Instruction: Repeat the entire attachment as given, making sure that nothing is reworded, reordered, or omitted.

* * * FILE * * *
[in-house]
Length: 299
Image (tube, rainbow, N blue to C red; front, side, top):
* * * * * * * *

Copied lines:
[in-house]
Length: 299
Image (tube, rainbow, N blue to C red; front, side, top):